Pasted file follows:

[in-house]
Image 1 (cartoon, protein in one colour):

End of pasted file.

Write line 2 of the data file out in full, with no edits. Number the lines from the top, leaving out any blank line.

Image 1 (cartoon, protein in one colour):